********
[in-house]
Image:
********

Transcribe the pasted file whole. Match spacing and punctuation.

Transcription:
[in-house]
Image: